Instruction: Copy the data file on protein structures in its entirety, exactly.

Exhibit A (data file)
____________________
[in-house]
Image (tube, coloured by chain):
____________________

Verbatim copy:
[in-house]
Image (tube, coloured by chain):